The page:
According to CBC news, Quebec resident Alain Philippon was arrested for refusing to give his smartphone password to border officials. Because Philippon intends to fight the charge in court, it will set a precedent as to whether a traveller must reveal their passwords when crossing the border.
Rob Currie, director of the Law and Technology Institute at the Schulich School of Law at Dalhousie University, said that under Canadian law, travellers crossing the Canadian border have a reduced expectation of privacy.
He said border officials have wide-ranging powers to search travellers and their belongings.
"Under the Customs Act, customs officers are allowed to inspect things that you have, that you're bringing into the country," he told CBC News. "The term used in the act is 'goods,' but that certainly extends to your cellphone, to your tablet, to your computer, pretty much anything you have."
|Apple Will No Longer Unlock iPhones for the Police|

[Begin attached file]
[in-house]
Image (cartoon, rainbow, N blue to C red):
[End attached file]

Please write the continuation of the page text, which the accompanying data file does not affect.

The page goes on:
|CaptchaTweet: Write Tweets in Captcha Form|
|You Should Not Post Any Picture of Your Kids On Facebook|
|"Children themselves are unaware that everything they say to the doll is being listened to."|
|“You become more difficult for an algorithm to understand, market to, or manipulate.”|
|"You could be targeted for ads for things you don’t even realize that you like."|
|"The machine had gotten inside the human’s head."|
|Smart Solar Panel Window Blinds|
|"The most automated warehouse of its kind"|
|"How will that impact human evolution going forward?"|
|"Maybe someone liked my stuff."|
|"Low-cost solar and human-powered vehicle."|
|Making a Movie Inside a Video Game|
|Princess Leia’s Stolen Death Star Plans|
|"The American auto industry will face a death spiral of epic proportions."|